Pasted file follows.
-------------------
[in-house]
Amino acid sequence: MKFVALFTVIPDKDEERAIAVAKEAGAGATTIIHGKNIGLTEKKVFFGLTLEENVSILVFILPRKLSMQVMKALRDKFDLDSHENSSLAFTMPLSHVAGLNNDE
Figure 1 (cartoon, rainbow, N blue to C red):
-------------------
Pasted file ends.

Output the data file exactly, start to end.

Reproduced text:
[in-house]
Amino acid sequence: MKFVALFTVIPDKDEERAIAVAKEAGAGATTIIHGKNIGLTEKKVFFGLTLEENVSILVFILPRKLSMQVMKALRDKFDLDSHENSSLAFTMPLSHVAGLNNDE
Figure 1 (cartoon, rainbow, N blue to C red):